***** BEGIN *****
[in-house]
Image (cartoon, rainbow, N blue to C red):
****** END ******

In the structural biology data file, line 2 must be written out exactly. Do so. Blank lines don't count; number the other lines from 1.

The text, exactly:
Image (cartoon, rainbow, N blue to C red):